# Elements of Greedy Strategy

**Optimal Substructure:**

An optimal solution to the problem contains within it optimal solutions to sub-problems. A’ = A – {1} (greedy choice) A’ can be solved again with the greedy algorithm. S’ = { i Î S, s

_{i }³ f_{i}}When do you use DP versus a greedy approach? Which should be faster?

**The 0 – 1 knapsack problem:**

A thief has a knapsack that holds at most W pounds. Item i : ( v

_{i}, w_{i }) ( v = value, w = weight ) thief must choose items to maximize the value stolen and still fit into the knapsack. Each item must be taken or left ( 0 – 1 ).

**Fractional knapsack problem:**

takes parts, as well as wholes

Both the 0 – 1 and fractional problems have the optimal substructure property: Fractional: v_{i} / w_{i }is the value per pound. Clearly you take as much of the item with the greatest value per pound. This continues until you fill the knapsack. Optimal (Greedy) algorithm takes **O **( n lg n ), as we must sort on v_{i} / w_{i }= d_{i}.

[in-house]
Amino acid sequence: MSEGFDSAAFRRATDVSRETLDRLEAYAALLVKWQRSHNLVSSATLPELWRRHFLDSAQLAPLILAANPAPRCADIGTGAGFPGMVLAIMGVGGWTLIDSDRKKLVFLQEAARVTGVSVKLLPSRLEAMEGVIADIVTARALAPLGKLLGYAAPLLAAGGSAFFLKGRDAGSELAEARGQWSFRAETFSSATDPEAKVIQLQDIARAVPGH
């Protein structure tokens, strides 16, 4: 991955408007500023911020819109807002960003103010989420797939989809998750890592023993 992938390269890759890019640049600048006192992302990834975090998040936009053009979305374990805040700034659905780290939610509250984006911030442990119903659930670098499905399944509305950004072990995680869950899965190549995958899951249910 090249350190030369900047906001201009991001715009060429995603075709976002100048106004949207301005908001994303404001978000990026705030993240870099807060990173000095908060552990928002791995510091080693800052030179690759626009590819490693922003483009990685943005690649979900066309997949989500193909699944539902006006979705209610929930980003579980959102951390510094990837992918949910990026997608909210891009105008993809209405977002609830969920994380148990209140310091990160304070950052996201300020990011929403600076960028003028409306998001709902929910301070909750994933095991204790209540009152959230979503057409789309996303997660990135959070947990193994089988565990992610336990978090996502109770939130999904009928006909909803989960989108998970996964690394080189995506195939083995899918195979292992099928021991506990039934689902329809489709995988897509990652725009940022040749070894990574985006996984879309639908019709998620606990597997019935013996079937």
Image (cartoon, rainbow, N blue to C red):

Consider the same strategy for the 0 – 1 problem:

W = 50 lbs. (maximum knapsack capacity)

w _{1 }= 10v _{1 }= 60d _{1}.= 6w _{2 }= 20v _{2 }= 100d _{2}.= 5w _{3 }= 30v _{3 }= 120d _{3 }= 4were d is the value densityGreedy approach: Take all of 1, and all of 2: v

_{1}+ v_{2 }= 160, optimal solution is to take all of 2 and 3: v_{2 }+ v_{3}= 220, other solution is to take all of 1 and 3 v_{1}+ v_{3 }= 180. All below 50 lbs.When solving the 0 – 1 knapsack problem, empty space lowers the effective d of the load. Thus each time an item is chosen for inclusion we must consider both

- i included
- i excluded
These are clearly overlapping sub-problems for different i’s and so best solved by DP!